My item last week on the Getty's parking revenue included two incorrect numbers billed as coming from the museum's IRS filings, and they alter one of the key points of the post.
First the good news. The post began by citing the Getty's total amount of parking revenue last year, pulled from a copy of the Getty Trust's IRS Form 990 that is in circulation: $6,451,647. The post also cited the parking income in tax year 2009, the year before the parking fee was raised to $15 per vehicle. That was $4,707,447. I did the math and found the increase in revenue over the two years was $1,774,200 a year. That part of the story was all fine.
Unfortunately, I went on to cite figures provided by an observer of the Getty's financial practices that made it look as if all but $16,502 of the increased parking income was absorbed by salaries and benefits of top Getty officials. And that's not the case, according to the Getty's 990 forms. The Getty pointed it out, I re-checked the 990s and agree with the Getty, and the original source also now agrees that the previous numbers provided were wrong.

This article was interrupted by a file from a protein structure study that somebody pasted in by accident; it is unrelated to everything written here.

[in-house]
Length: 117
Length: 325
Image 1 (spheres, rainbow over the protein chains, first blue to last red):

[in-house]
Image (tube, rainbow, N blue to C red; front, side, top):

Here are the correct numbers, taken from Line 13 of the Getty's tax filings for the two years.
We had the correct 2011 sum, but were way low on the 2009 total. The correct numbers show an increase of spending on officers' compensation of $560,702, about a third of what I'd said in the previous post. That means there's about $1.2 million in new parking revenue that was not sucked up by officers' salaries. So what was that new infusion of cash used for? "Parking revenues are directed toward repayment of the Getty's bond obligations, which are mostly tax-free and can only be repaid with non-endowment income, like parking, food service, and museum store revenue," writes Julie Jaskol, assistant director of media relations for the Getty.
(By the way, I encourage clicking on the links to see in terse black and white the very large sums the Getty deals with. More 990 forms here.)
As for the incorrect numbers, I clearly should have double-checked the original source's citations and math. For what it's worth, I have no reason to believe the source intended to mislead, though where the inaccurate numbers came from remains unclear to me. Erroneous transposing between IRS forms and a spreadsheet may have contributed. "Kevin, I am at a total loss," the source writes. "I can’t find that number either except on the attached spreadsheet. I am really mortified." Yeah, me too.